Lakhorn Niyeay or Spoken Theatre was once a popular art in the Kingdom in the 1940s. The performance art is solely based on the characters’ speeches and the storylines usually depict deep social issues of the present time.

But during the chaotic and tragic years, Lakhorn Niyeay lost its glory. Nobody wanted to practice it, scared of getting punished or killed for devoting to an art form instead of following the orders of the dark regime. Even after the civil war, people hesitated to look back.

Lakhorn Niyeay isn’t an easy art. In fact, it takes almost ten years to master it – to learn how to perform, write script and direct. And even when you’ve mastered it, it does not guarantee a good career or a sustainable source of income.

Soung Sopheak is a playwright and director who is passionate about art and Lakhorn Niyeay. To keep Lakhorn Niyeay alive and promoting art as a form of mental healing, in 2015, he founded Khmer Art Action (KAA).

“It all started when I decided to pursue the theatre major at the University of Fine arts of Cambodia. I am so passionate about Cambodian arts, customs, perspectives which unexpectedly aspire me to become a theatre director. What fascinated me the most is that each aspect of Cambodian arts has its own unique story and journey to tell. They describe our gentleness, respect, politeness, obedience and more importantly how honest we are as human beings.”

Sopheak doesn’t get much from his advocacy. In fact, he spends his own money to ensure that his scripts reach the performance stage and that the art form is kept alive.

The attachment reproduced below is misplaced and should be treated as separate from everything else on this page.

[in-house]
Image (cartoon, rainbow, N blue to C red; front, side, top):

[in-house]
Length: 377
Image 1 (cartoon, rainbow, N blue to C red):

“Not too many artists are committed enough to last in this industry. One needs to have strong love and to be dedicated in preserving this art to be able to continue. And unfortunately, the public’s not really very supportive of this art. Even the government and relevant ministries don’t give us the support we deserve,” explains Sopheak on why Lakhorn Niyeay has never completely prospered despite huge efforts.

“I wish I could have many bodies because I am alone in dealing with just about everything including financial and other management affairs. It is tiring, but after a long day, I take pride in all our achievements over the years.”

He is now working on connecting to more people, young ones especially, to love and help preserve spoken theatre.

Sopheak thanks his father for allowing him to study the art in Phnom Penh more than decade ago. Though it’s not making him rich, it enables him to contribute something to his community.

“I was just a countryside boy who never cared about anything in the society before I started learning about this art. But as spoken theatre always picks societal issues, I started to care and asked myself how I can be one of the solutions.

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